Participants discussed their perspectives of several interventions to improve transition practices. First of all, declines in mental health service use after transition could likely be a result of pediatric and adult mental health systems largely functioning as separate entities, with significant differences in approach, eligibility, and care philosophies (19). As participants in our study expressed, it may be valuable for adolescents, caregivers, and healthcare teams to meet together and jointly devise a transition plan to facilitate a seamless transfer of care (59). These meetings may help to alleviate adolescents' and caregivers' lack of trust, fear, and anxiety related to acquiring new adult healthcare providers, as well as promote higher retention rates in adult clinics after the transfer (59). Further, the shift from supportive and long-lasting relationships in the pediatric health system to the unfamiliar environments in adult health services was also expressed among other transition-aged adolescents with complex health needs in other studies (39). Since adolescents expressed that building strong and trusting relationships with healthcare providers was important to them, the opportunity for relationship-building through meetings with pediatric and adult healthcare team members can help adolescents and caregivers adjust to new healthcare providers and adult healthcare environments.

Next, the Transition Passport appeared to be a beneficial tool for adolescents to take ownership and responsibility of their health information as well as enhance communication with adult healthcare providers. Notably, the use of a Transition Passport may help adolescents convey information to new healthcare providers without having to frequently repeat information about their medical history, which was identified as a barrier by adolescents. A Transition Passport may help to facilitate adolescents' understanding of their ED and improve self-efficacy skills, which in turn, could help them make informed decisions about their healthcare and empower adolescents to take more control over their health (60). Further, this study underscored important considerations for developing and implementing a Transition Passport for adolescents with EDs, such as maintaining sensitivity around displays of weight.

Families of adolescents with complex health needs, including EDs, often work with a multiplicity of healthcare professionals. As previous research demonstrates in other health sectors, a Transition Coordinator, with whom adolescents and families can build and maintain a trusting relationship, may be essential to help streamline the transfer to adult health services and support families once transferred out of pediatric health services (27, 52). However, it was notable that adolescents in this study expressed hesitations about the introduction of a Transition Coordinator at this point in their transition trajectory, as the new healthcare professional would lack expertise about the adolescent, and it would be uncomfortable to discuss sensitive and personal issues with them. Perhaps it may be more practical to incorporate the elements of the Transition Coordinator role within existing positions in the pediatric ED program such as social workers or nurses. In other healthcare sectors utilizing Transition Coordinators, such as pediatric diabetes programs, previous evidence has demonstrated this approach to be effective when Transition Coordinators performed direct functions, such as appointment scheduling and follow-up of adolescents who have missed appointments (61).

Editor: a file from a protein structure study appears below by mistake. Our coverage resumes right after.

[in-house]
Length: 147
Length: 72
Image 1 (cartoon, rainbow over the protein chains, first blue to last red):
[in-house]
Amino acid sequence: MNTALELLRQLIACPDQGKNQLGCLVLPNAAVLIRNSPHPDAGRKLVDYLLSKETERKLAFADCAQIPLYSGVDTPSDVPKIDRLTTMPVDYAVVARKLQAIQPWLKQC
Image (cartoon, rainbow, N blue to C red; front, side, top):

Finally, recommendations provided by participants to improve health system transitions indicate that educational needs exist for both clinicians and families in preparation for transition. Family physicians are described to be ill-equipped to manage demands of transitions according to participants. In fact, there is little evidence in the literature for how family physicians should be incorporated into transition planning processes for adolescents with mental illnesses (30, 62). Since family physicians play a significant role in supporting adolescents with EDs prior to admission to pediatric ED management programs as well as after transferring out of these programs (63), it is critical to establish specific guidelines surrounding the involvement of family physicians in health system transitions.

In addition, other recommendations for improving transitions that were expressed by participants in our study have been suggested in other healthcare fields for adolescents with special health needs, including commencing adult health service appointments before transitions (64, 65) and allowing the pediatric team to follow-up with the adolescents after they have transitioned into adult care (66).

Overall, these themes indicate that increased and productive collaboration between pediatric and adult health care providers as well as choices of other interventions, including the Transition Passport, based on the needs and preferences of families appears to help mitigate participants' concerns about health system transitions and increase participants' preparedness for transitions. While this study identified several considerations for interventions that were important to adolescents with EDs and their caregivers, further research should include longitudinal and cohort studies to gain a more comprehensive understanding of the suitability, satisfaction, and effectiveness of these strategies to adolescents with EDs and their families.

Limitations and Future Implications